MTG1 03 Gerardmer Lac Blanc Le Hohneck Cernay
Published: 26/10/2019
Vosges mountain road
This route comes from the Motortourgids part 1 France and runs through the Vosges and Alsace.

Bert Loorbach, the writer, is an enthusiastic motorcyclist himself and lived in France for a year and a half. During that time he devoted himself to mapping the unknown and beautiful roads of France especially for motorcyclists.

This is the third route from the book. Start in Gérardmer and end in Chernay
There are hotels and campsites in the vicinity, which are listed as POIs.

There are several beautiful passes (cols) in this route, such as the Col de La Schlucht, Col du Calvaire and Collet du Linge.
The ride starts in Gérardmer which lies between the mountains covered with dense pine forests on the largest lake in the Vosges; Lac de Gérardmer. This is a nice base for several journeys and this is one of three routes that start here.

This route leads over the mountain ridges (crêtes) and consists of more than half forests. The first Col is the Col de la Schlucht, an east-west oriented mountain pass and lies on the border of the departments of Vosges and Haut-Rhin. The pass route starts in the west from Gérardmer at 660 meters above sea level and starts to rise considerably after Xonrupt-Longemer.

I deviated slightly from the original route to include the natural bridge "Roche du Diable", Stone of the Devil (RP5) in the route. There is a small parking lot, shop and a lookout point with a beautiful view.

You drive along mountain lakes with beautiful blue clear water and through forests with steep rises and many curves.
Follow the D61 Le route de Crêtes at RP9, a very beautiful route over the mountain ridges in Alsace. This is a narrow, but beautiful 2-lane road that partly winds through the woods with beautiful views.

You drive along Lac Blank (RP11) where you definitely have to stop to enjoy the beautiful mountain lake and the mountains around it. The next section has many turns and possibilities to stop at small parking places to enjoy the view.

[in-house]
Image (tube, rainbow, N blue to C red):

At RP13 is a war cemetery and monument for fallen German soldiers.

From RP17 you drive again the Route des Crêtes on this time Southwards. This last part of the route is about 50 kilometers long, very curvy and great to drive, along this route there are many places of interest. They are listed as POIs and if you have the time it is definitely worth stopping and enjoying the view. I have attached a link to a youtube film with images of the region and route des Crêtes.

Lunch stop RP19 is the mountain top "De Hohneck". With a height of 1364 meters after the Grand Ballon and the Storkenkopf, the third highest peak in the Vosges. It lies on the border of Alsace and Lorraine. On the mountain there is a mountain hut with a restaurant for lunch, a small shop and a beautiful hiking route.

RP21 is the Grand Ballon, the highest mountain in the Vosges. The mountain is located at 1424m in the southern part of the ridge. The Grand Ballon is located in the Ballons des Vosges nature park and the top is just above the tree line
The last part of the ride to Cernay is a challenging ride with many turns and the necessary hairpin turns. Again beautiful views of the mountains and valleys.
In Cernay you can spend the night in one of the hotels or camping Les Cigognes. POI and links have been added.

The ride is over beautiful mountain roads of good quality with many curves. There is much to see along the way and there is opportunity to park at viewpoints. I rate this route with 5 stars.

The route has been made suitable for Garmin, TomTom, Harley-Davidson BoomBox 2019 and Navigation App.
Can be downloaded for free and without My-Route-app registration. To do this, first click on the 'Use route' button and then on 'Save as'.
Route des Crêtes
RP5 Roche du Diable Natural Bridge and Lookout Point
Useful links:
Camping Ramberchamp
Hôtel L'Écho du Lac
Movie Route des Crêtes
Hostellerie D'Alsace